Seattle Times article on our struggle

Whidbey Island group sues Navy, says jet noise unbearable

Seattle Times staff reporter
A Coupeville citizens group is suing the U.S. Navy, saying noise from jets using a Whidbey Island airfield is too loud and disrupts their lives.
The residents say they must wear headphones to bed to block out the noise, Little Leaguers have to cover their ears as jets roar past during games and livestock is being injured by the sound.
The group, Citizens of the Ebey’s Reserve for a Healthy, Safe & Peaceful Environment, filed the lawsuit last week in U.S. District Court in Seattle.
The lawsuit alleges the Navy failed to conduct a required environmental review before it began using Outlying Field near Coupeville for practice by aircraft from Whidbey Island Naval Air Station.
The airfield was developed during the 1940s for Navy planes, and since 2008 has been a practice site for Growler aircraft touch­and­go landings.
The lawsuit was filed, said Cate Andrews, one of the people who instigated it, because the Navy refused to listen to their complaints. The suit asks that the Navy be restricted from using the field for flight practice.
“We had to retain an attorney because that’s the only way the Navy takes you seriously,’’ she said.
The airfield is near the Ebey Landing Reserve, a National Historical Reserve that is a popular site for recreation.
The Navy issued a statement saying it would be inappropriate to comment on the pending litigation.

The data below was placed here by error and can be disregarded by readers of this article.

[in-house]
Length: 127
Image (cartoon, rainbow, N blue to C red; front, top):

The Navy did agree to suspend landing practice at the field through the end of the year. But doing so would create “operational impacts” that would “not be sustainable for the long
term,’’ according to the statement. Using another field will “interfere with other necessary operations, entailing delays and operational conflicts.”
The residents want a permanent fix that would force the Navy to take the jets elsewhere.
In 2005 the Navy did an environmental assessment when it was first planning to exchange the aging Prowler planes being used at the naval air station for the newer Growlers, a variant of the FA­18F Super Hornet fighter equipped to jam enemy radar and radio communications.
At the time, the environmental assessment concluded the impact on residents would be less, because fewer planes would be taking off and landing. Instead, the complaint says, the number of takeoffs and landings has increased.
Based on Navy data, the complaint says that 9,669 flight operations were conducted at the field last year. From January to May 2013, there were 5,688.
In 2005, there were 7,682 for the year, according to the complaint.
The citizens who filed the complaint hired a consultant to do decibel­level testing. Inside the homes, the noise level was at 95 decibels and outside it was 139 when jets flew over.
According to the National Institutes of Health, permanent hearing loss can occur at 115 to 120 decibels.
“This is where schoolchildren are playing,’’ Andrews said. “Most of us, if not all of us, wear sound protection to bed.”
In the statement, the Navy said it would notify the public if officials determined another environmental assessment is necessary.
Nancy Bartley: or 206­464­8522

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